Azharud­din: Com­pet­i­tive cricket’s good for young­sters

For­mer In­dian cap­tain vis­its Dubai-based acad­emy

7 Days in Dubai - - SPORT - By Durgesh Hari­das @the­gouyalle

W hen Pranav Dhanawande of Mumbai’s KC Gandhi school made a mind-bog­gling 1,009 not out in 323 balls in a sin­gle in­nings in Jan­uary, the who’s who of cricket – in­clud­ing Sachin Ten­dulkar – reached out to con­grat­u­late the 15-year old.

Age group and school cricket has come a long way since the 1990s and even the 2000s. The range of cat­e­gories and tour­na­ments has en­sured ta­lent is spot­ted and recog­nised right from an early age.

The same is hap­pen­ing here in the UAE with the launch of new cricket acad­e­mies and schools pro­grammes.

One such ini­tia­tive is Kricket’s Spero Acad­emy, which caters for play­ers aged six to 19-years-old at its Al Nasr Leisure­land base in Dubai.

Cel­e­brat­ing its first an­niver­sary last week, Kricket’s Spero Acad­emy wel­comed for­mer In­dia cap­tain Mo­hammed Azharud­din, who was in the UAE to give one-on-one ses­sions to the young­sters.

When asked about in­tro­duc­ing cricket at such a young age, Azharud­din said: “When we used to play there was only un­der-19 and un­der-22 [age groups].

“There is lot of com­pe­ti­tion for lesser age groups. There may be play­ers who are bet­ter than you in U17 or U19 but the recog­ni­tion was very slow.

“It is very en­cour­ag­ing to see U12, U14 and U16 tour­na­ments nowa­days.”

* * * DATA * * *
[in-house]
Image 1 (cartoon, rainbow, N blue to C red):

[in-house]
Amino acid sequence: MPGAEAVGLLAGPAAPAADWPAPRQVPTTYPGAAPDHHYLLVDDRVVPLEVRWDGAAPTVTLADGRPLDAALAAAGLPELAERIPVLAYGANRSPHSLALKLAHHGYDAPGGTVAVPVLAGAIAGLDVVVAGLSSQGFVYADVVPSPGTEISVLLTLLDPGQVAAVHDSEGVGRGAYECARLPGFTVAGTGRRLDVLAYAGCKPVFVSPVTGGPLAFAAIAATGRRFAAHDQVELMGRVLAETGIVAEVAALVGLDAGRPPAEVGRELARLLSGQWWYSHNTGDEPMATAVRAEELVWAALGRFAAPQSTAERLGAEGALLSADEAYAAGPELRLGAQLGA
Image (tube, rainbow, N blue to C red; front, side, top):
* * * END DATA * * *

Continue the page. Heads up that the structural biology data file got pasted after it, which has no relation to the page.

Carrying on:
He be­lieves it is the right step for­ward in iden­ti­fy­ing ta­lent and both for teams and in­di­vid­u­als.

Spero boasts of In­ter­na­tional Cricket Coun­cil (ICC), Board of Con­trol for Cricket in In­dia (BCCI) and Eng­land and Wales Cricket Board (ECB) cer­ti­fied coaches, many of whom are for­mer In­dian do­mes­tic crick­eters. Also in the coach­ing ranks is ex-UAE player Prashant Braggs.

Hav­ing played through the tran­si­tion era of cricket where the one-day for­mat came of age, Azhar ac­knowl­edges that Twenty20 is the crowd-puller but Test cricket can never be re­placed or pushed out of the pic­ture.

Azhar added: “Fine, T20 and 50over games are be­com­ing more pop­u­lar but Test cricket will have its place, I don’t think [Test cricket] it will ever die out.

“Most of the se­ries we hardly see a Test match drawn, even in a five­match se­ries. Kids can­not play long games straight away, it is good to get them started with the shorter for­mats and then slowly make them play two and three-day games.”

AL­WAYS A HIT: Kids were more than happy to be coached by the leg­end

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